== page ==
Africa’s Top 6 Political Secessionist Movements You Probably Don’t Know

A Secession movements is the withdrawal of a group from a larger entity, especially a political entity (a country), but also any organization, union or military alliance.

Instantly after the European frontier forces were pursued out of Africa, the mainland softened out up a rash of political separatist gatherings, each upsetting for the privilege to withdrawal and independence.

While the reasons set forward by the different severance gatherings were assorted and fluctuated, they had a typical topic: they needed out of a country state roughly set up together by provincial powers just for the simplicity of organization.

Here, we’ve put together a list of some of the most important secessionist groups in Africa. This list is by no means exhaustive, and it neither endorses nor censures the activities of the many active separatist movements in Africa.

By way of criteria, all the secessionist groups mentioned are currently active, seeking greater autonomy, and have a clearly identified, inhabited geographical region they desire to be self-governing or completely independent.

National Movement for The Liberation of Azawad (MNLA): Azawad (Mali)

Army and the National Movement for the Liberation of Azawad

Army and the National Movement for the Liberation of Azawad. Photo credit: Biyokulule Online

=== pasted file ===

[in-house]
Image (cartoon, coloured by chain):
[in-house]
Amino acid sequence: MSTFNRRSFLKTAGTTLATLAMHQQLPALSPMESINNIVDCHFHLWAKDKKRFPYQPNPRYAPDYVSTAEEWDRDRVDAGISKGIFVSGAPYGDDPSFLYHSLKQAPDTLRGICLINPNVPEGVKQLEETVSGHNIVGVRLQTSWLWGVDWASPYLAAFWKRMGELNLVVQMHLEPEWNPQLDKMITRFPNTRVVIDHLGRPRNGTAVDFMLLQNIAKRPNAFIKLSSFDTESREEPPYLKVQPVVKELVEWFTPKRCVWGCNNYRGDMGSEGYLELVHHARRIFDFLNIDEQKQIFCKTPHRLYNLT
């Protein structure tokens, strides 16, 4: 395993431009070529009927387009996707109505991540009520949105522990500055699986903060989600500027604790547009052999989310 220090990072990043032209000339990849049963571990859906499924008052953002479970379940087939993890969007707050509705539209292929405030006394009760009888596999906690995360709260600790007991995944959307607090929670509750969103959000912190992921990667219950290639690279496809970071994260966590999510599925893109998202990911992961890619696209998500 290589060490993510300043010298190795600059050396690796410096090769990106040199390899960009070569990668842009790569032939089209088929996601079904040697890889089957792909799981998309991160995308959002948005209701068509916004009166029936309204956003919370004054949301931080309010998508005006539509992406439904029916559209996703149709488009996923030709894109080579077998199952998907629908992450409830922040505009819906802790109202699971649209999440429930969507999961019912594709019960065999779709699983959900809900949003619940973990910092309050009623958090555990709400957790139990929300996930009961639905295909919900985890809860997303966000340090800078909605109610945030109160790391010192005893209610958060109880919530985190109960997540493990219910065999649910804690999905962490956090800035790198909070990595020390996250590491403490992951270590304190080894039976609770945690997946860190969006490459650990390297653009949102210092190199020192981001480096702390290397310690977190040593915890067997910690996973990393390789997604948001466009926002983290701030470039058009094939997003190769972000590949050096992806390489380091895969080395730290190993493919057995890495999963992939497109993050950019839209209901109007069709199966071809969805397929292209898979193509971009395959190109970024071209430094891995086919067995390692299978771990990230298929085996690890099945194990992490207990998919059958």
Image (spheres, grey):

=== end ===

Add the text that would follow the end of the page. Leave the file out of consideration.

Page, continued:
The National Movement for the Liberation of Azawad (MNLA) was founded around 2011. The group was formed from a fusion of militant groups in the north of Mali. MNLA is pressing for an independent Azawad from the government of Mali.

Most MNLA fighters and secessionists are from the Tuareg ethnic group. The MNLA complains of marginalization and deprivation by the relatively more prosperous government in the south of the country.

Azawad, the proposed country, is mostly desert and sparsely populated but includes the historic cities of Gao and Timbuktu.

Frente para a Libertacao do enclave de Cabinda (FLEC): Cabinda (Angola)


Photo credit: Deutsche Welle

The Frente Para a Libertacao Do Enclave de Cabinda (FLEC) is a guerrilla movement fighting for the independence of the province of Cabinda from the government of Angola.

FLEC was formed in 1963 from a merger of at least 3 pro-Cabinda movements. If the secessionists have their way, the proposed independent state of Cabinda will occupy the region around the ancient kingdoms of Kakongo, Loango, and N’Goyo.

Oromo Liberation Front (OLF): Oromia (Ethiopia)

Rebels of the Oromo Liberation Front